I started writing about the Department of Labor’s upcoming revisions to the overtime regulations nearly a year ago. For those who haven’t heard, the plans are to update the salary threshold for “white collar exemption.” The current level is $455 a week (about $23,660 a year).
The latest word I’m hearing is that the new rules will likely be published by July, and possibly even sooner, with employers having 60 days to implement them. If you haven’t yet started looking at your options, your time is growing short!
Changes to the salary threshold
A bit of background: generally employers have to pay overtime when someone works more than 40 hours in a single workweek, unless the employee meets certain criteria. The first of these is the “salary test.” This means the employee must be paid on a salary basis — in other words, their pay does not fluctuate depending on their hours worked or production level, as it would with hourly or piecework pay. And that salary must be greater than a certain threshold.
The problem is, the current threshold of $455 per week has been in place since 2004, and now represents a salary that’s below the poverty line for a family of four. So the DOL has proposed to update this salary threshold to a level more reasonable for today’s market.
Read more about the upcoming changes and the actions you should take to prepare
Minimum Wage: California and New York
Both California and New York have recently passed legislation raising the state minimum wage to $15 per hour.
In California, the increase will be phased in gradually, so that businesses with over 25 employees will be required to pay $15 a hour by January 1, 2022. Companies with 25 or fewer employees have an additional year, until January 1, 2023. Beginning with January 1, 2023, the minimum wage will be increased annually for some workers, based on the adjusted U.S. Consumer Price Index. The increase will be no more than 3.5% per year, and the resulting rate will be rounded to the nearest $0.10.
Meanwhile, in New York, the legislature passed (and Governor Cuomo signed) a bill that also gradually raises the minimum hourly wage in New York state to as much as $15 an hour. A tip credit wage is allowed for workers who are customarily tipped; it will be 2/3 of the minimum wage or $7.50 an hour, whichever is higher.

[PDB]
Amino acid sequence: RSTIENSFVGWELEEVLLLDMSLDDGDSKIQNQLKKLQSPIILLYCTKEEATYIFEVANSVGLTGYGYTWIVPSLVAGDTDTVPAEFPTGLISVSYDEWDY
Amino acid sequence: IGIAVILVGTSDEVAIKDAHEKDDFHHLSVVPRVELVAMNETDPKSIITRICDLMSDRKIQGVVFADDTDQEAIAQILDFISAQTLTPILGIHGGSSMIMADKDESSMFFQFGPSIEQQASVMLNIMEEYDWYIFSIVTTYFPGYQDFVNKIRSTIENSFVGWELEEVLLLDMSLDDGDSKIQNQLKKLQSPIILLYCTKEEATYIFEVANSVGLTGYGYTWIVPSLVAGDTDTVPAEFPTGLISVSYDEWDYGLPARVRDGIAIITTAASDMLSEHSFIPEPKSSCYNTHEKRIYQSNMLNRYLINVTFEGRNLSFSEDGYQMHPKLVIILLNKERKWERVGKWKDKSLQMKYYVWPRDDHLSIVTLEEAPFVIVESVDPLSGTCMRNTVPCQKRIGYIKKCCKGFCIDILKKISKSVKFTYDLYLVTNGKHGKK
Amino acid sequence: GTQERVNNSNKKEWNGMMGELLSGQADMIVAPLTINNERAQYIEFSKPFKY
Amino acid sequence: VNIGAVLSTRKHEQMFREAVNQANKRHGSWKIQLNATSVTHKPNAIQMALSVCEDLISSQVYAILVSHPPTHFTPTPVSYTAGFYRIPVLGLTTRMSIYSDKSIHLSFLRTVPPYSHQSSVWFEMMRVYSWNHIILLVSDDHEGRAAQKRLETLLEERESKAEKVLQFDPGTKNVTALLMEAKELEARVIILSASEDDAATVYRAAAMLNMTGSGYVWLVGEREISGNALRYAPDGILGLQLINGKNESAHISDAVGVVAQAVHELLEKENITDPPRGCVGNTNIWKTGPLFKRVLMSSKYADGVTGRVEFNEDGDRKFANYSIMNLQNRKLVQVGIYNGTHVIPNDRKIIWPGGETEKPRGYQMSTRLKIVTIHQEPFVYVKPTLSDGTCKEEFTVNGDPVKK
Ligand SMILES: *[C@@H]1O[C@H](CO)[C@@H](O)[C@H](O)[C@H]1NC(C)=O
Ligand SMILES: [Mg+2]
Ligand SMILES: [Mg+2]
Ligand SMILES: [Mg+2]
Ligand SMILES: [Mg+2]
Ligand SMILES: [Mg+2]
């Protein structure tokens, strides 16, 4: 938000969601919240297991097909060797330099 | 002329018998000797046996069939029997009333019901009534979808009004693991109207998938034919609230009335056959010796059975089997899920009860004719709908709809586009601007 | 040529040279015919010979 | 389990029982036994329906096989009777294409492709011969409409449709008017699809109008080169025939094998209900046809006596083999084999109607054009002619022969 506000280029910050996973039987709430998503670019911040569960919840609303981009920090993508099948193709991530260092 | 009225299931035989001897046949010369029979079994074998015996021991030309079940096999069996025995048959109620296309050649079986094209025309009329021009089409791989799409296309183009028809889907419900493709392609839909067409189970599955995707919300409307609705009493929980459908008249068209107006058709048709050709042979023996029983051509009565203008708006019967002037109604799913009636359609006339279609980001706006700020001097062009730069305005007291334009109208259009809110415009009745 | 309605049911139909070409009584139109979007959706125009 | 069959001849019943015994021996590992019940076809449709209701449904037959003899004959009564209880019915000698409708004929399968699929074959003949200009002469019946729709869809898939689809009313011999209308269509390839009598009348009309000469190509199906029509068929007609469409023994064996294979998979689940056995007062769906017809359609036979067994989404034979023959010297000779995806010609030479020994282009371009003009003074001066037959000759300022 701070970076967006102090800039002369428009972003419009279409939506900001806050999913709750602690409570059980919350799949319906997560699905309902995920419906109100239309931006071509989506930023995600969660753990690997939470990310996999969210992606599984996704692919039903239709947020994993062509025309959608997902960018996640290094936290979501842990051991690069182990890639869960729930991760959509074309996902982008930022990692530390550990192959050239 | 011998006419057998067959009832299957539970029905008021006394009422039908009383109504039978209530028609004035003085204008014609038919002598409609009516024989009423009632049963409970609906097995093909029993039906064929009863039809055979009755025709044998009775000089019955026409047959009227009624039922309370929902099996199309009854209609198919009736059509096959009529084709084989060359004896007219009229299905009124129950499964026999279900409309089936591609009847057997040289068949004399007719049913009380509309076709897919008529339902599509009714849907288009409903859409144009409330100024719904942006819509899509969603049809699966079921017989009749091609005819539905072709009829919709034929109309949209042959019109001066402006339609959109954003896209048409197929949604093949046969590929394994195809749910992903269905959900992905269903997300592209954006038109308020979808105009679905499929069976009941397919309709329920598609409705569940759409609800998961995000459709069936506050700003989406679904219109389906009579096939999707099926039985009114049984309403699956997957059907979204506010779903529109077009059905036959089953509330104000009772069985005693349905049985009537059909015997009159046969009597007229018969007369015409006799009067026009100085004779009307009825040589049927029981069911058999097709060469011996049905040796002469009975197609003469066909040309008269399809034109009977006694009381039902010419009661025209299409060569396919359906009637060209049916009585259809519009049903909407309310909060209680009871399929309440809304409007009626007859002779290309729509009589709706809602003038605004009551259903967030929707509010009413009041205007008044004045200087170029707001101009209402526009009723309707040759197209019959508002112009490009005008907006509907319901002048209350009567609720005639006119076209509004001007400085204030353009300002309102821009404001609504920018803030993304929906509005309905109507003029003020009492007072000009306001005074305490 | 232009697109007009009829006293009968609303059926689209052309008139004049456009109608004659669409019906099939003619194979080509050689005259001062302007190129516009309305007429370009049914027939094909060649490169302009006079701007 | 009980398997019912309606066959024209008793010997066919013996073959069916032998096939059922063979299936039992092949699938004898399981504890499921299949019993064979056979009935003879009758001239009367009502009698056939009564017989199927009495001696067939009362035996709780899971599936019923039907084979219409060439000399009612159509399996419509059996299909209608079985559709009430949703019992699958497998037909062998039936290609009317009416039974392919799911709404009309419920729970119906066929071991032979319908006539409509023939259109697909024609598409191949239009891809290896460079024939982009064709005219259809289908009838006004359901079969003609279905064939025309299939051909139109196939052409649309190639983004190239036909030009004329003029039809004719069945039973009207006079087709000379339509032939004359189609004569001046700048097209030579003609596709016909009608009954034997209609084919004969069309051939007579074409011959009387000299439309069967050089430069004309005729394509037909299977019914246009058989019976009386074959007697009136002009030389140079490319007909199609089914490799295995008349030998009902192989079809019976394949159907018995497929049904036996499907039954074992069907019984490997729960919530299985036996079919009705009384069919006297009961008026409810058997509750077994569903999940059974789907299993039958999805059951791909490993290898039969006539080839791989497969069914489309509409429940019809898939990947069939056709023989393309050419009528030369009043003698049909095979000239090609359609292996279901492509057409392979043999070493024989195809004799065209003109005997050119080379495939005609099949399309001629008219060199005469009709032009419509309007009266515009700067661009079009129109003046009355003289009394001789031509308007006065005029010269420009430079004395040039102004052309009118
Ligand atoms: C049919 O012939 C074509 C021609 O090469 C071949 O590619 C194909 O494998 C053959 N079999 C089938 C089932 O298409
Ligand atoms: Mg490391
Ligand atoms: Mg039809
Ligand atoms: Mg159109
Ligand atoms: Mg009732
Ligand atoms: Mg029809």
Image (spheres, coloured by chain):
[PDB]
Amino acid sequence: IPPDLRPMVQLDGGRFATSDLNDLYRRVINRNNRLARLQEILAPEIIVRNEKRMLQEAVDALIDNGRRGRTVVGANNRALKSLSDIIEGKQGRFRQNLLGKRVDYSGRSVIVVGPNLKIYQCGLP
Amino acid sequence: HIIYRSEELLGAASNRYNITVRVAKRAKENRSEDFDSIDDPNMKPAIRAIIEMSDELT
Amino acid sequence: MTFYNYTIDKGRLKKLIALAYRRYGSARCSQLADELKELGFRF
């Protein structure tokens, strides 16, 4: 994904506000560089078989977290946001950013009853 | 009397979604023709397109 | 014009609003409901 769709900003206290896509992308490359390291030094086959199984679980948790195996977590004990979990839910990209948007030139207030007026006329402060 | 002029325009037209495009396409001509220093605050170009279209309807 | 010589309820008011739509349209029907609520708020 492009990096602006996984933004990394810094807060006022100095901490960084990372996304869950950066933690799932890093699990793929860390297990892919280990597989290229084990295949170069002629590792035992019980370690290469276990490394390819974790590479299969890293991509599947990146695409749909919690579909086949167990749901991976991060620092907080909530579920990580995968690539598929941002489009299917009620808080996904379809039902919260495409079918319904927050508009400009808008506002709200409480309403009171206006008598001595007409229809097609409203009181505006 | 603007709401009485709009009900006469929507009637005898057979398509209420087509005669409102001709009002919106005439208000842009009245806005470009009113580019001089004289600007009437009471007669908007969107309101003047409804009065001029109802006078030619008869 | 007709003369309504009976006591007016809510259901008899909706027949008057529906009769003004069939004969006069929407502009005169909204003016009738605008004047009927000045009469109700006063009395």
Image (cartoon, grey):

Read on to learn more about these and other developments and their effects on NY and CA employers
Employee handbooks are generally a good idea. They can save organizations a lot of trouble, in a lot of ways.
For instance, in the 2012 case of White v. Baptist Memorial Health Care Corporation, a worker tried to sue the company for a Fair Labor Standards Act violation. She said they didn’t pay her properly when she worked through lunch. The hospital was able to point to a policy in their employee handbook that spelled out exactly what procedures a worker should follow to report they’d worked through lunch. The employee bringing the lawsuit had signed a document stating she’d received and understood the handbook, yet she had never followed the simple procedure to report her working time, nor had she ever followed a second procedure to report payroll errors. The employee’s lawsuit was dismissed.
However, without careful planning, drafting and review, a handbook can actually cause business problems.
Read on to learn about some of those problems and how to prevent them
Not too long ago, the owner of an auto glass shop in Albuquerque, New Mexico, discovered to his chagrin that the Department of Labor (DOL) isn’t messing around when, as part of an audit, they ask for business records. Most of what they ask for are records you’re legally required to keep, and foot-dragging or outright failure to produce those documents tends to raise the investigators’ suspicions.